Wedding Cakes and Homosexual Marriage Might be Back in Front of the Supreme Court Soon

Wedding cakes and same-sex marriages are back before the Supreme Court, and this time the justices are being asked to rule broadly that the First Amendment’s protection of the “free exercise” of religion shields conservative Christians from state civil rights laws.

An Oregon couple who were fined $135,000 for refusing to make a cake for the marriage of two women have asked the justices to take their case. If the court does so, the new conservative majority could significantly change the law on religious liberty and LGBTQ rights. The justices could announce as early as Monday whether they will hear the case.

For nearly three decades, the court has followed a rule set down in a 1990 decision written by a conservative hero, the late Justice Antonin Scalia. Rejecting a claim brought by Native Americans who ingested peyote as part of a religious ceremony, Scalia said that the Constitution’s guarantee of the free exercise of religion did not provide a shield against a “neutral and generally applicable law.” In the peyote case, two men had been fired for using an illegal drug.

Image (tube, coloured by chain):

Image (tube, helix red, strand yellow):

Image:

But with conservative Christians now claiming their religious rights are under assault, the court’s conservatives have shown a renewed interest in the free-exercise clause.

In the Oregon case, lawyers for Melissa and Aaron Klein said the couple were forced to shut down their Sweet Cakes store in the city of Gresham because of the conflict over their religious beliefs. They asked the court to overrule Scalia’s decision and declare that the Constitution does provide a religious exemption to Oregon’s civil rights law.

Oregon, like California and 20 other states and dozens of large cities, requires public businesses to provide “full and equal” service to all customers without regard to race, sex, religion or sexual orientation.

Their timing looks good.

In January, Justices Samuel A. Alito Jr., Clarence Thomas, Neil M. Gorsuch and Brett M. Kavanaugh suggested they were ready to reconsider how far the free-exercise clause reached. They issued a partial dissent when the court turned down an appeal brought by a football coach who said he was fired for leading prayers on the field after games. The coach unsuccessfully claimed his firing violated his right to free speech. Alito suggested he should have appealed based on his rights to freely exercise his religion.

Scalia’s 1990 opinion “drastically cut back on the protection provided by the Free Exercise Clause,” Alito said in that case, Kennedy vs. Bremerton, noting with seeming regret that the coach had not asked the court to reconsider the earlier decision.

This time, the issue is front and center. Lawyers for the bakers in Klein vs. Oregon Bureau of Labor have asked the court to “revisit” the rule on religious liberty.

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SOURCE: Los Angeles Times, David G. Savage